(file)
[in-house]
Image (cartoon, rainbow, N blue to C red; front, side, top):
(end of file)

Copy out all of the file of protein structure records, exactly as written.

[in-house]
Image (cartoon, rainbow, N blue to C red; front, side, top):